Crofting facts for kids
Crofting is a form of land tenure. It also involves small-scale food production, particularly in the Scottish Highlands. Within the 19th century, townships, and individual crofts were established on the better land. Then a large area of poorer-quality hill ground was shared by all the crofters of the township for feeding their livestock.
Crofting is a traditional social system in Scotland defined by small-scale food production. It is a group of common working communities, or "townships". Individual crofts are typically established on 2–5 hectares (5–12 1⁄2 acres) of in-bye for better quality forage, arable and vegetable production. Each township manages poorer-quality hill ground as common grazing for cattle and sheep.
Despite its challenges, crofting is important to the Highlands. In 2014-15 there were 19,422 crofts, with 15,388 crofters. S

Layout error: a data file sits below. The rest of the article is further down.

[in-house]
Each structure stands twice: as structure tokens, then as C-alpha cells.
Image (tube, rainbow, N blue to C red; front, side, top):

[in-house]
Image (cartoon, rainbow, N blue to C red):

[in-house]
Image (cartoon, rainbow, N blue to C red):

Tenants and owner-occupier crofters are required to comply with a range of duties specified in sections 5AA to 5C and 19C of the Crofters (Scotland) Act 1993. There is a requirement to be ordinarily resident within 32km of the croft. If the croft is the sole dwelling and the crofter's family are resident while the croft is away this would probably be accepted as ordinarily resident. Other situations involving other places of residence would need to be assessed individually. In addition to the duty of residence tenants and owner occupier crofters are required to ensure the croft is cultivated, maintained and not neglected or misused.
Crofting Facts for Kids. Kiddle Encyclopedia.